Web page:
Changes to the Income Tax Act (ITA)

Changes to the interest barrier

The following changes to the interest barrier provided for in the draft law to adapt to the requirements of the ATAD (Council Directive (EU) 2016/1164 of 12 July 2016) are included unchanged in the version of the law passed by the Bundestag 17 November 2023

  • Limited effect and partial adjustment of the grounds for exclusion in Section 4h (2) ITA for the application of the interest barrier (exemption limit in the amount of EUR 3,000,000, stand-alone operation, equity escape): All three exemptions should no longer apply in future if the interest expenses for a year have been increased due to interest carried forward from previous years. As a result, interest carried forward will only be deductible if there is sufficient EBITDA is available for offset. With regard to the reasons for exclusion themselves, a stand-alone operation will no longer be deemed to exist in future if there is solely no affiliation or no proportionate affiliation to the group; in future this exclusion only applies if the taxpayer is not a related party within the meaning of Section 1 (2) Foreign Taxes Act and the taxpayer does not have a permanent establishment outside its country of residence. The so-called anti-fragmentation rule provided for in the government draft in Section 4h (2) Sentence 1 Letter (a) ITA, according to which similar businesses which are under the uniform management or controlling influence of one person or group of persons would be deemed to be one business for the purposes of the exemption limit of EUR 3,000,000 and which should benefit from the exemption limit in proportion to their share of the net interest expenses, was, however, removed on the recommendation of the Finance Committee.
  • Definition of interest: Extension of the definition of interest expenses (previously only remuneration for borrowed capital) to include commercially equivalent expenses and other expenses in connection with the procurement of borrowed capital within the meaning of the ATAD Directive and interest income to include economically equivalent income in connection with capital claims.
  • Additional reasons for the (pro rata) forfeiture of an EBITDA carry-forward or an interest carry- forward to include the discontinuation or transfer of a business unit.

By the way: Changes to Section 8a Corporation Tax Act (CTA)

In future, all income for all corporate taxpayers will be deemed to be generated in one business for the purposes of the interest barrier. While this was previously only the case for corporations with unlimited tax liability, in future corporations with limited tax liability or corporations with unlimited tax liability within the meaning of Section 1 (1) Nos. 4 and 5 CTA will only be able to maintain one business for the purposes of the interest barrier.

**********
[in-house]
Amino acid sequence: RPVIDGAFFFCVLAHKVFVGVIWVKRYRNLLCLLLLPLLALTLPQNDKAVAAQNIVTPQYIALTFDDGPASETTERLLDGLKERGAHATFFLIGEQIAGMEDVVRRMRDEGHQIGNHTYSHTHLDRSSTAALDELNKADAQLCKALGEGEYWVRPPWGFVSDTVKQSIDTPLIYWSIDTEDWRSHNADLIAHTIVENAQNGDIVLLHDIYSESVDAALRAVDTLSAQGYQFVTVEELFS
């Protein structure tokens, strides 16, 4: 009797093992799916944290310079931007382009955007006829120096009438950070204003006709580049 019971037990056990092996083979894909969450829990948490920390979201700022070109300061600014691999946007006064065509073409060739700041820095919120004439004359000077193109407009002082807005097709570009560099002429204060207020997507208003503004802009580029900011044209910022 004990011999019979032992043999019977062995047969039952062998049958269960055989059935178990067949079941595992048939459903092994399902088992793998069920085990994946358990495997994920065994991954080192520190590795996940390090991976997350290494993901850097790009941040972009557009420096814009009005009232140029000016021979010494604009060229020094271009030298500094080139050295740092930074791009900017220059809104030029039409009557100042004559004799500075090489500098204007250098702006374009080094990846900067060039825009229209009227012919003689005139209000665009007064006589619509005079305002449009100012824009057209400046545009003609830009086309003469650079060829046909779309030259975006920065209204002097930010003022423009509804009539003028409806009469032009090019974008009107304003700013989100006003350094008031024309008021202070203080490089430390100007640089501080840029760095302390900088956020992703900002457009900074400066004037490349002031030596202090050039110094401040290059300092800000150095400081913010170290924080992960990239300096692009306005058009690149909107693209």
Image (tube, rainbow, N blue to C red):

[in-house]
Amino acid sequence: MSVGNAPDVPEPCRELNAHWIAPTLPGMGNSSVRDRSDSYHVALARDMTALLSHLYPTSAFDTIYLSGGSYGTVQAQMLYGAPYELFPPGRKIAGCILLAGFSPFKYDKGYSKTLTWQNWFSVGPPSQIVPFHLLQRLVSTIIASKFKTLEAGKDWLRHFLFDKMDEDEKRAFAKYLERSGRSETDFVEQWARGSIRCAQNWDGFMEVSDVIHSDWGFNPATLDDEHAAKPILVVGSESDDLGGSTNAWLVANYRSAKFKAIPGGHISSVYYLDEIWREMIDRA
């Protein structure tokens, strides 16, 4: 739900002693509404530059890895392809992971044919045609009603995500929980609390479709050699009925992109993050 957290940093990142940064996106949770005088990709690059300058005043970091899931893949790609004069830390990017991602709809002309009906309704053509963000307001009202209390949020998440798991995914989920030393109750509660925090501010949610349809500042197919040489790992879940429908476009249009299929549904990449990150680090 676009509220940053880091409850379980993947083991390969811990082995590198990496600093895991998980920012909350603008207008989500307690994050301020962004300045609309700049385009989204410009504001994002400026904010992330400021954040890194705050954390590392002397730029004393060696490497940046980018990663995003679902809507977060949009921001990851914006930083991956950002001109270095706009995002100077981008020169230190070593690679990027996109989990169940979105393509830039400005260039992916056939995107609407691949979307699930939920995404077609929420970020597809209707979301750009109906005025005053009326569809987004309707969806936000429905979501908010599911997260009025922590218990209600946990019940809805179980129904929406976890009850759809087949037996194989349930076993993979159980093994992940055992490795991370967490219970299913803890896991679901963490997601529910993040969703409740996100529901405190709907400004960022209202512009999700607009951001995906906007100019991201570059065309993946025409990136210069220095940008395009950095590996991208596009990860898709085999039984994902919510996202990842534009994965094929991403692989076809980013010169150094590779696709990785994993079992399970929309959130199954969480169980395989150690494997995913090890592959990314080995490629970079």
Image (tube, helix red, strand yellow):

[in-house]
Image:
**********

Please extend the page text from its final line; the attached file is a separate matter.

The current requirements for application of the exclusion rule for corporations vis-à-vis shareholder debt financing in Section 8a para. 2 CTA will be eliminated in light of the modification of the stand-alone clause (Section 4h (2) Sentence 1 Letter b ITA; see above).

Corporations must also continue to observe the regulations on shareholder debt financing in Section 8a (3) CTA vis-à-vis the equity escape. On the one hand, these regulations will be adapted to meet the requirements of the ATAD by lowering the relevant participation threshold to "at least 25%" of the capital from the previous "more than 25%". Moreover, the wording has been amended in response to the Supreme Tax Court judgement (I R 57/13 of 11 November 2015), according to which remuneration for debt capital of the individual qualifying shareholders cannot to be added together when assessing the 10% limit for harmful shareholder debt financing. This codifies the previous administrative opinion in law and provides for an examination of the 10% limit in relation to the combined remuneration for debt capital to qualifying shareholders.

NEW: Adjustment of the rules for determining the arm's length price for financing relationships instead of introducing an interest rate cap

Surprisingly, the Bundestag's legislative resolution no longer contains the interest rate cap announced in the coalition agreement, which was envisaged as Section 4l ITA in the draft bill. In its place a proposal by the Bundesrat in its statement on the draft bill for an amendment to the regulations for determining arm's length prices in Section 1 Foreign Taxes Act was included. Through this proposal, the Bundesrat has adopted regulations whose introduction had already been proposed in the legislative process for the ATAD Implementation Act of 25 June 2021, but which were not included in the law at the time due to the many technical doubts.